Australia’s immigration minister has indicated he is open to tightening the country’s citizenship test to make sure applicants have the ability to integrate into society.
Peter Dutton believes that it should be more than just answering basic questions about Australia’s political structure, parliament, election and perfunctory duties of a citizen.
He told the media that he would welcome a debate on having a more specific test that looks at whether applicants have integrated with the Australian way of life and the social values as well as their willingness to learn English.
‘My view is people who don’t embrace these tangible values shouldn’t expect automatic citizenship. We need to see whether people are abiding by Australian laws, whether they are educating their children, if they are able bodied and of working age, whether or not they are engaged in work or whether they have had a long period of time on welfare,’ he said.
‘At the moment, the test is dictated essentially by questions around Australian trivia, if you like and my view is that we could look at a test that would more embrace Australian values,’ he added.
The citizenship test currently asks 20 questions, randomly drawn from a larger pool, covering matters of Australian history, system of government and the rights and responsibilities of citizens. The applicant must get 75% correct.
However, the Migration Council of Australia said it is not convinced that the test needs to be more robust and pointed out that it already has key safeguards to weed out undesirables, such as those with a criminal conviction.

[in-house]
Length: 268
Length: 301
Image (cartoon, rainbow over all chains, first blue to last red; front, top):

The council’s chief executive Carla Wilshire pointed out that the current migration and citizenship system has a character test and two thirds of permanent migrants are skilled people who already meet language requirements and also have significant education and qualifications.
‘In this debate it is important to remember that migrants have higher labour market participation rates and access less welfare payments than Australian born citizens,’ she added.
According to Joe Caputo, chairperson of the Federation of Ethnic Communities’ Councils of Australia, new immigrants value citizenship dearly as a symbol of belonging and acceptance.
‘FECCA would need to see the details of any proposed changes. However, we would be concerned about any changes to the citizenship test that would unfairly target some of Australia’s most vulnerable arrivals,’ Caputo explained.
However, he added that FECCA believes that, as part of the process of attaining Australian citizenship, a greater emphasis should be placed on civics and citizenship education.
However, Dutton’s point of view has support among some members of parliament. Most notably Liberal Democratic crossbench senator David Leyonhjelm said he would welcome tougher restrictions on citizenship and said permanent residents should wait a decade before being deemed eligible to sit the test.